"Talk about safety," Spence said, finding Groh guilty of a technical code violation. "What about that utility pole and that sign in the middle of the sidewalk? Mr. Groh didn't put those there."
Spence was looking at photographs introduced by William Nairn, an attorney for the city, and Groh's own photos, both of which showed the pole and the sign in the sidewalk.
Hagerstown City Engineer Bruce Johnston said in a telephone interview the utility pole and the sign have to be there - a sidewalk is a right of way and that's what a right of way is for, he said.
Johnston defended the issuance of the citation, saying the hedge has lots of trash and poison ivy in it.
"That hedge looks OK from a distance but not up close," Johnston said.
Groh testified he has cut the hedge back as far as he can and still keep it green.
"Every new administration tries to get it back further," Groh said from the witness stand. "Now I hear they want 61/2 feet."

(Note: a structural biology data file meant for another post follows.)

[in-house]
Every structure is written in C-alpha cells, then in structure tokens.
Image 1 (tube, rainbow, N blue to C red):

Spence stopped Groh at that point, saying he'd heard no evidence from the city to that allegation.
The judge suggested to Groh that he attempt to trim the hedge enough to satisfy the current code requirements.
Spence warned Groh that the city of Hagerstown could cite him again for the same violation if he doesn't do something about the hedge.
"We're concerned about people wanting to visit Hagerstown," Spence said. "And I'm not sure a dead yew hedge will help that."
But Spence said he believes the utility pole and the sign are the primary hazards on that stretch of sidewalk.